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Buddhist Mob Attacks Mosque in Sri Lanka

Posted on in Sri Lanka title_rule

The Sri Lankan government says a solution has been found to the dispute that led to ethnic violence flaring in Columbo over the weekend, after a mob of Buddhists attacked a mosque and injured worshippers there. Special police units were deployed to deal with the unrest and a curfew was imposed. Despite the supposed resolution, serious security issues remain in light of simmering tensions between Sri Lanka’s majority Buddhist population and minority groups, and come in light of significant clashes between Muslims and Buddhists throughout parts of South East Asia over the past year.

Trouble began on Saturday, August 10th, when a mob of Buddhists attacked a mosque in the Grandpass area of the capital, Columbo during evening prayers. Hundreds of local Muslims responded by taking to the streets, some armed with sticks, while the authorities sent in police reinforcements, including the Special Task Force commando unit, to try and maintain law and order. A curfew was imposed from Saturday evening until Sunday morning in order to disperse the crowds. 12 people were injured in the disturbances, including 2 police officers.

Muslim ministers in President Mahinda Rajapaksa’s government released a joint statement saying “The lukewarm and ineffective measures taken by law enforcement agencies on previous occasions…seem to have emboldened some extremist groups who seem determined to create chaos in the country”. Police Inspector General N K Ilangagoon called on the populace to “support the police to maintain law and order”. A spokesman for the Bodu Bala Sena (BBS) (or “Buddhist Power Force”), a hardline group that has been trying to win over Sri Lanka Buddhists to support its anti-Muslim campaign, denied his organisation had any involvement in the events.

The incident stems from a dispute surrounding the relocation of a mosque in the area. The old mosque was earmarked for destruction to make way for new construction and after protests from hard-line Buddhists, and the new mosque had only been open a month. It had already seen protests from Buddhist monks, who had however purportedly agreed Muslims could continue praying there throughout Ramadan. Muslims in the area say the Sri Lankan government’s religious affairs ministry had given them permission to continue using the site, and had provided special police protection. Following the weekend’s disturbances, a solution has been reached that allows a return to the site of the old mosque.

However, despite a resolution of this particular issue it is extremely unlikely this will see a reduction in the continuing ethnic disputes in Sri Lanka. The country is 70% Sinhalese Buddhists, with Muslims making up 9% of the population. They were seen as remaining broadly loyal to the state during the war with the Tamil Tigers; however attacks on Muslims have been increasing over the past year led by hard-line groups of monks such as the BBS, which promote an ultra-nationalist ideology that claims Muslims are fostering anti-Sinhalese extremism and attitudes. The president of the Sri Lanka Muslim Council says over 20 mosques have been attacked since last year, while recent months have seen major ethnic unrest surrounding the distribution of halal food and similar. Christian buildings and worshippers have also been attacked.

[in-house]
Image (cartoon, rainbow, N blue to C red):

Muslim community leaders have so far remained broadly conciliatory and have stood on platforms with moderate Buddhists, while many Sinhalese express disquiet about the activities of the BBS. However, there is evidence that the strident nationalism the BBS promotes not only resonates with large parts of the population but enjoys top – level political support – powerful defence minister Gotabhaya Rajapaska (brother of the president), was a guest at the opening of a BBS training school and said in a speech “It is the monks who protect our country, religion and race. No one should doubt these clergy. We’re here to give you encouragement.”

The incidents in Sri Lanka also come in light of continuing ethnic trouble across the broader South East Asian region. Major ethnic violence continues in Myanmar (Burma) between the majority Rakhine Buddhist people and minority Rohingya Muslims which has left many dead and caused chaos across numerous provinces. Last month, a bombing at one of Buddhism’s holiest sites, the Bohd Gaya temple complex in India, was attributed to Islamist extremists and explicitly connected with the broader religious conflict across SE Asia.

Currently, there is no direct threat to individuals, including Muslim ones, in Sri Lanka. It is worth noting that no one has so far been killed due to the ethnic clashes in the country, unlike incidents in Myanmar. The underlying threat from terrorism in Sri Lanka is also currently low. However, an awareness of the potential security risks should be maintained at all times. Any and all demonstrations should be avoided, and local news stations should be monitored in case of unrest or the imposition of curfews.

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